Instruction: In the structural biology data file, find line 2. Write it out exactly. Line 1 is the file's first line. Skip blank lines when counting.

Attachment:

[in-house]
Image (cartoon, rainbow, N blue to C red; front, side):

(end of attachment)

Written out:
Image (cartoon, rainbow, N blue to C red; front, side):